How Depression Impacts the Workplace
Undiagnosed depression can have a huge impact on self-confidence, productivity, irritability, absenteeism and more.
Written by Rachel Unger
01 Someone with undiagnosed depression may not recognize how ill they are. They may struggle to cope with everyday workplace tasks and seem fatigued, anxious, tearful, or irritable.
02 Peer support is crucial for someone who is struggling with depression. If you detect signs that someone at work is depressed, let them know that you’re there to talk.
03 If you are an employer, there are a number of ways to provide benefits for depression at work. Adding support services has been shown to improve productivity with a 300% return on investment in just a two-year period.
The Depressed Brain
Imagine that it’s Monday morning and you’ve woken up three hours early. You slept terribly and are lying in bed thinking about how you need to get up, brush your teeth and get dressed. You’ll have to shower because you haven’t showered since Saturday (was it Friday?). Then you’ll have to eat something even though you have no appetite. You’d call in sick, but you did that last week. Someone with depression might struggle with motivation to the point where simply getting out of bed feels like an impossible task. Clinical depression ranks as a leading cause of disability in the world. The Centers for Disease Control and Prevention estimate that one in 10 American adults will be affected by a depression-related illness each year.
How to Recognize Depression
Someone with undiagnosed depression may not recognize how ill they are. They may struggle to cope with everyday workplace tasks and seem fatigued, anxious, tearful, or irritable. They might be behind in their work or seem withdrawn. Anxiety and other medical issues often accompany depression. Dysregulation in sleep, appetite, and mood impacts cognitive ability and executive functioning, making normal work, home and social activities more difficult. Concentration, memory, and judgment are impaired when someone is depressed.
The Economic Impact
Depression costs U.S. employers more than an estimated $210 billion per year. When someone comes to work while suffering from a medical problem, it inhibits their performance on the job and negatively impacts productivity and quality of work. Presenteeism can result in lost workdays and expensive long- and short-term disability costs. The longer employees are on leave for mental health issues, the less likely they are to return to work. They are also more likely to retire early or quit their jobs.
Mental Health America reports that an estimated eight out of 10 people respond to treatment for depression. Depression screening and enhanced depression care in the workplace can decrease symptoms and increase job retention and productivity. A treatment period as short as eight weeks has been shown to reduce clinical symptoms of depression and absenteeism, resulting in average savings of $7508 per employee per year.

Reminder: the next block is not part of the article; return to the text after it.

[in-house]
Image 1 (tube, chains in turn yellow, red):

Stigma remains a significant barrier for individuals seeking help for depression. Many individuals with depression may self-isolate rather than reach out for support. A study found that 62 percent of U.S. workers knew how to use company resources for depression care, but only 29 percent felt comfortable discussing the issue with their supervisor.
It can be difficult to know what to say to someone when they’re feeling low, but peer support is crucial for someone who is struggling with depression. If you detect signs that someone at work is depressed, let them know that you’re there to talk to them about what they’re going through, that you want to help, and that you care about their well-being. FindYourWords.org offers a number of ways to talk to someone who seems depressed.
If you are a manager working with an employee who is depressed, it is important to know that they might need to take more time off beyond their allotted sick leave so that they have time to attend therapy and doctor’s appointments. An employee may need encouragement to take the first step to discuss treatment options with a doctor or mental health professional. They could need help navigating their options for seeking care or reaching out to human resources.
If you are an employer, there are a number of ways to provide benefits for depression at work. Adding support services has been shown to improve productivity with a 300% return on investment in just a two-year period. Examples of such policies include insurance benefits for mental health care, depression recognition screenings, employee assistance programs, and training for managers. In addition, flexible work arrangements and an open, relaxed environment can improve employee engagement and job satisfaction.
Depression in the workplace is frequently overlooked as a major threat to the wellbeing of workers and businesses. By increasing awareness of this issue, employers can work towards the creation of a stigma-free environment where people feel safe asking for help and where recovery is possible.
About the author
Rachel Unger is a writer and editor based in Washington, D.C. She's passionate about raising mental health awareness and promoting fairness in the workplace.